The judgment of the court was delivered by
M. S. MENON C.J. - This is a reference by the Income-tax Appellate Tribunal, Madras Bench, under section 66(1) of the Indian Income-tax Act, 1922. The assessee is the India Pepper and Spice Trade Association, Cochin. The assessment year 1958.
2. The reference is in pursuance of an application by the assessee. The question referred is :
'Whether the 'laga' collected by the association as per bye-law 207 had been rightly brought to tax under the provisions of the Income-tax Act, 1922 ?'
Bye-law 207 of the bye-laws of the association is entitled 'LAGA' and reads as follows :
'A contribution at the rate of 50 nP. per unit of 25 quintal of pepper shall be paid to the association by the seller as well as the buyer on all contracts, or at such other rates as may be fixed by the board from time to time with the concurrence of the Forward Markets Commission.'
'Laga', we are told, normally signifies a collection for religious or charitable purposes. The Appellate Tribunal had held on the basis of the memorandum and articles of association (annexure 'A' to the statement of the case) and the bye-laws of the association (annexure 'B' to the statement of the case) that the 'laga' of the assessee is not a collection in that sense, and that it should be brought to tax under section 10(6) of the Indian Income-tax Act, 1922.
3. Sub-section (1) of section 10 of the Act provides that the tax shall be payable by an assessee under the head 'Profits and gains of business profession or vocation' in respect of the profits or gains of any business, profession or vocation carried on by him and sub-section (6) that :
'A trade, professional or similar association performing specific services for its members for remuneration definitely related to those services shall be deemed for the purpose of this section to carry on business in respect of those services, and the profits and gains therefrom shall be liable to tax accordingly.'
4. It is common ground that the assessee is a trade association within the meaning of sub-section (6) of section 10. The controversy is only as to whether the 'laga' collected under bye-law 207 is 'remuneration definitely related' to 'specific services' performed by the assessee for the members of the association.
5. The Appellate Tribunal dealt with the point in paragraphs 9 to 16 of its order and said in paragraph 17 :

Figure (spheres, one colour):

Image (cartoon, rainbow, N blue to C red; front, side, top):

'Judged in the light of these remarks, the services which the members, who entered into contracts, received from the association is relatable to the fee of laga paid and but for this payment, the member would not have a claim for the enforcement of the contract, settlement of differences, surveys, arbitrations, appeals and other procedures. We, therefore, hold that the department is right in including this sum as taxable income.'
The conclusion of the Appellate Tribunal, as summarised in paragraph 8 of the statement of the case, is as follows :
'(i) That the payment of laga was a condition precedent to the requisition of the services of the association;
(ii) That the fact that no provision had been made that the other services would not be rendered by the association if laga was not paid and only a provision had been made for collecting it, did not show that the other services could be secured even by default or failure to pay this initial fee.'
6. We have been taken through all the relevant provisions of annexures 'A' and 'B', and we see nothing therein to justify an inference that the 'laga' collected for religious or charitable purposes or that it is not remuneration definitely related to the specific services performed by the assessee for the members of the association. It cannot be contended that it is a voluntary payment unrelated to the membership of the association. And so far as we can see it is nothing else other than an overall charge for all the services performed by the association in respect of the buying and selling of pepper over and above the separate fees prescribed for many of those services.
7. It is unnecessary to discuss the decisions cited at the Bar as the conclusion in this case has to be depend entirely on the construction of annexures 'A' and 'B' to the statement of the case, and they are not discussed in this judgment. Our conclusion is the same as that of the Appellate Tribunal, and it follows that we should answer the question referred in the affirmative and against the assessee. We do so, but without any order as to costs.
8. A copy of this judgment under the seal of the High Court and the signature of the Registrar will be forwarded to the Appellate Tribunal as required by sub-section (5) of section 66 of the Indian Income-tax Act, 1922.
Questions answered in the affirmative.